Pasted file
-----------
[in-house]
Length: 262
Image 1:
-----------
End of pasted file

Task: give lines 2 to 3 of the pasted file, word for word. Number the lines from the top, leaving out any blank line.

Length: 262
Image 1: